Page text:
“If you have a child with nonverbal autism, you have to be on high alert all the time,” Rios continued. “You’re always guessing what they want, and if there was something bothering the child … then that also could have motivated her to leave.”
The most recent study offering hard numbers on missing children was completed by the U.S. Department of Justice in 2002. It showed that 797,500 children went missing in 2001. Upwards of 300,000 of these children were abducted, and many more wandered off on their own or suffered other incidents that separated them from parents or guardians.
Simpson stressed it’s too early to point fingers or blame.
“It could have happened to anyone, anywhere. Think about Medical (Center) Park, There are no fences around the water there, either.”
Behind the La Kiva Hotel is a parking lot and hill that slopes downward toward T-Anchor Lake, where the body was found. Adjacent to La Kiva is the Sleep Inn, which has a fence to separate the hotel grounds from the body of water.
Law Digest, a U.S. law specialty site, says that hotels are not legally responsible for the absolute safety of guests. Hotels, they say, “may be found negligent if they knew or should have known, upon reasonable inspection, of the existence of a danger or hazard and failed to take action to correct it and/or warn guests about it,” and that “hotels have an affirmative duty to inspect and seek out hazards that may not be readily apparent, seen or appreciated by patrons and guests.” But it also says, “the law does not protect hotel guests from their own negligence,” and “open and obvious” hazards are not a basis for liability.
According to police, La Kiva did not have any security camera footage of any area other than the guest lobby and check-in desk.
Video surveillance is often taken for granted, and it can greatly assist in investigations such as these, but video surveillance is not required by law.
The Globe-News contacted La Kiva Hotel twice Wednesday for comment, but did not receive a response. Multiple news reports say the hotel has started a GoFundMe care fund for the grieving family.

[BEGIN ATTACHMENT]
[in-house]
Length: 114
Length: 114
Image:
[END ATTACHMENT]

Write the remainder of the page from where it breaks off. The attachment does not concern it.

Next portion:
“No one should be mad at this mom, or this dad, or these siblings,” said social worker and patient advocate Alanna Hepler, who works at ProStep Rehab, which specializes in pediatric, occupational, physical and speech therapy services.
“There’s nothing that the hotel could have done, either,” Hepler said. “The type of attention and monitoring that our children require is demanding. They just slip out. It’s a horrible accident.”
Hepler’s son, Ethan, was diagnosed with nonverbal autism in 2010. She spoke emotionally about the joys and difficulties of raising her son with all the special attention he requires.
“There was the longest time when he wouldn’t even respond to his name,” she said. “Ethan is like Alexis: he hasn’t spoken a word since he was 18-months-old. He loves the water, and will wander. He walks softly, and is small in stature like Alexis. They’re just adorable, but they are quiet.”
Hepler hopes the community will become more aware of the unique circumstances that surround a case like this, she said, and how to appropriately respond to the needs of those with nonverbal autism.
“They don’t have the ability to cry out for help. We as a community have to be aware that children like this aren’t going to respond to many vocal cues,” she said. They also don’t have that safety awareness that is instilled by parents or guardians in most children in a similar age group.
“What happened to Alexis is our worst fear. Not just as parents, but I think our caregivers, our teachers, our therapists … It just takes one moment of inattention, and then you turn around and just like that they’re gone. The autism community in Amarillo has a broken heart.”
Hepler also hopes the citizens of Amarillo will organize to show support for the Wartena family.
Story provided by Amarillo Globe-News.